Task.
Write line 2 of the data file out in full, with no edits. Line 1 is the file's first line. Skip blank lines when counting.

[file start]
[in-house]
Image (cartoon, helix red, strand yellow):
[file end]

Image (cartoon, helix red, strand yellow):